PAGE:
You Know How I Recognized You?
I am a police officer who specializes in doing undercover work. In all modesty, I got the gig because I am good at being hard to recognize, being anonymous, non-distinctive. The clothes I wear in the drug-dealing, prostitution, mugging area of this fair city is instrumental in my blending in with the environment, and being hard to remember, like a crack in the sidewalk that I walk on when playing my role.
I wear faded jeans, with slight rips in them, not the big ones that are now reborn as fashionable apparel for a second generation of young women. I wonder whether they buy them like that. I pre-faded mine, and made the small holes with a very sharp knife.
My shoes are Nikes, first bought and worn in 1984, when Michael Jordan was the advertising star for them, and “Just Do It” was still four years away. My shoes should be called “They once did it.”
My shirt once had a logo on it, but it cannot be distinguished now, and I often fail to remember what it once was. I think it was from some local band that I liked, the name of which has now slipped out of my mind. Perhaps if I took some of the same drugs that I did then I would remember.
My jacket is especially important, because in the inside pocket I am, as the expression goes, ‘wearing a wire.’ This old gray jacket was my father’s and his father’s before him. It doesn’t look like it was ever new.
Finally, there is my gray hat. If this hat could speak it would say ‘My owner is an immigrant from a warm country, so he has to wear a dorky hat with the flaps pulled down to combat the cold weather we have here.’ I didn’t want to wear this hat, but my boss said I needed to do so. I have reddish coloured hair which can be thought of as somewhat distinctive, thereby making me noticeable. The hat covers all that hair. I do not shave, as that is not what my ‘street person’ character would do, so I dye my slightly reddish stubble a kind of ashen gray.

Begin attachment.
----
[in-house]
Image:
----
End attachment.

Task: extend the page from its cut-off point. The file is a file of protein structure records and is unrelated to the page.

A Working Night
It was a working night, so I was walking down one of the city’s sleazier streets, getting ready to sit on my designated begging spot, to observe, record and remember who I saw doing what. Just before I assumed my sitting begging position, a very drunk man exited from a bar, stumbling, beginning to tumble towards the road. A flashy car was approaching rapidly. I recognized it as being owned by one of the main drug dealers whose territory this is.
I realized that collision between the two was imminent, so I rushed over to the falling man, and pulled him away from danger. He grabbed my head so that he wouldn’t fall backwards, but lurched forward and hit the sidewalk, safely, but somewhat painfully.
He thanked me profusely, in a deep, drunken voice, following this with a “I don’t usually drink this much, but my wife just left me. I have no one.” Then he hailed a cab and left.
The rest of the night was relatively uneventful. I came very close to falling asleep several times.
The Next Night